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I’m told to ask for Judith Light. I call the London hotel, give the actress’s name, and then listen as the room phone keeps ringing. This happens again and again. Each time, the same British desk clerk politely insists on the name: “Uh,” I say, “Judith Light?” A few weeks later, when the person I’m actually trying to interview, Jake Shears, answers his cell phone, he’s walking outside in Manhattan’s Tribeca. On Pride Sunday, the singer born Jason Sellards leads his dance-disco band the Scissor Sisters at the Vic and then at an after-party at Berlin, in support of their fourth album, Magic Hour.
Were you really staying with the star of Who’s the Boss?
[Laughs] That’s my second name sometimes—and my e-mail address. She found out recently. She’s so lovely. I worship her as a person and an actor. I hope she wins the Tony this year. [Note: She did.]
Several years ago you said Scissor Sisters found greater success in the U.K. than the U.S. partly because Brits don’t care as much about the band’s sexuality. Is that still true?
I blame it all on The New York Times. A week after our album came out in the States—the first album, in 2004—the Times put out the headline “Hot Over There, Cold Over Here.” But our first weeks in the U.K. didn’t do very well, either, but we worked at it and built it up. It’s that fucking New York Times piece. It affected how people think of us.
One theme in Magic Hour is tested love, like in “Baby Come Home”: “I don’t mind if you’re running around.… Baby, come home to me.”
Yeah, in “Best in Me” as well. It’s the fact that you’re shocked that someone would put up with you after all this time. It’s that post–bad behavior. In “Best in Me,” those lyrics are, like, I’m a mess and I don’t really know how you are still here, but here you are.
Are you surprised your boyfriend still puts up with you?
I am. I always have been. I don’t know how he’s got the patience. I’m not the easiest person in the world to be partners with. I’m never home. I’m constantly running around the world. I can be impatient. I have a temper. I’m, like, self-obsessed. I’m irritable, self-absorbed. And sometimes I just think, Christ, I’m really lucky to have somebody that doesn’t take any of that too seriously.
And what does he say: “Yeah, you are lucky”?
[Laughs] No, I think sometimes I’m harder on myself than I should be.
Just coincidence that Scissor Sisters are playing Chicago right after our Pride Parade?
It is coincidence, but I’m so excited. I don’t know why I’m not the fucking grand marshal! No one fucking asked me! [Laughs]
When you were 15, Dan Savage advised you to come out to your parents. He’s since said it was terrible advice.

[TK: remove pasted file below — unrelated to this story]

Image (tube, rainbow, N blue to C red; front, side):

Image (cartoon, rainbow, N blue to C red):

It was good advice. Dan’s one of my best friends. I’ve known Dan since I was 15, and he and Terry and [their son] D.J. are just like my family. Dan was so instrumental in my life as a teenager. I think he saw in me a smart kid that wanted to be free and live my life, and he took me under his wing. He took me to my first AIDS funeral. He let me live in his basement when I was on break from college. His mother took my mom to her first PFLAG meeting. Yes, he told me to come out to my parents. I did. It was tough for a month. But they got over it, and he was instrumental in them getting over it.
It’s one thing to come out at 15, but another to be so publicly out in your career. How has your family responded to that?
Nothing really fazes them much anymore. They love it. What drives my mom and dad crazy is if I get political. That’s what they fucking hate. They’re conservative, you know.
You had an early stint in go-go dancing, and there haven’t been many photos of you with your shirt on.
[Laughs] There still aren’t.
Are you shirtless now, walking around Tribeca?
No, but I’m pretty sexed up at the moment. I’m dressed kind of slutty. I’ve got supertight jeans on with, like, some booty, and combat boots and a sleazy little tank top. I’m a pretty sexual person. That’s definitely a way that I also like to express myself. I love sex. In some other parallel life, I would’ve been a porn star.
“Keep Your Shoes On” has the lines, “Just like a beauty queen / Poppin’ loads of Benzedrine / Acting like forever 17.” Now that you’re 33, is your relationship to the party scene changing?
That’s part of the struggle, you know: When do you stop refusing to grow up? It’s always in my brain, like, when do you start acting like an adult? And the reality is I don’t want to, but yeah, that’s what a lot of these songs are about.
Do you need to? Seems like you’ve made a career out of not growing up.
Yeah, but you just gotta keep it cute.